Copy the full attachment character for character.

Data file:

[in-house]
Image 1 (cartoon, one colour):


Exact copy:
[in-house]
Image 1 (cartoon, one colour):